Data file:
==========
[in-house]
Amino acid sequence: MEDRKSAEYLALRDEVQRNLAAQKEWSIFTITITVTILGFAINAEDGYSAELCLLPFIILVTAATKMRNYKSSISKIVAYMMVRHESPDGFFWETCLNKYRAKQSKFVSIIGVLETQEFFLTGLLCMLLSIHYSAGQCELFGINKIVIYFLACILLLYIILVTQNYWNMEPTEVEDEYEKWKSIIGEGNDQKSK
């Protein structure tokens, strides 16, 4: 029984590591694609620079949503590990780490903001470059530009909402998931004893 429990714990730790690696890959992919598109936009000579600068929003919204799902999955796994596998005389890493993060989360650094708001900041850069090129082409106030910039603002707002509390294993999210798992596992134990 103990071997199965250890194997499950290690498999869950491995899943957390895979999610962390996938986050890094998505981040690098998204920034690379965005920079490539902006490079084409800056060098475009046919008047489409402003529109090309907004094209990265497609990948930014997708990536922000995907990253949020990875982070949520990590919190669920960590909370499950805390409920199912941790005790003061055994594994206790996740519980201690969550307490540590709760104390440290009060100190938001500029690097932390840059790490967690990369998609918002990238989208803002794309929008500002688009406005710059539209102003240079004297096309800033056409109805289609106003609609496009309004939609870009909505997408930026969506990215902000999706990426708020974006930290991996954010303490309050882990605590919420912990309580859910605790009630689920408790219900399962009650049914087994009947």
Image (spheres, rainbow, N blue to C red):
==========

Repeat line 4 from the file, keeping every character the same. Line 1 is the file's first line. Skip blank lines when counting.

Image (spheres, rainbow, N blue to C red):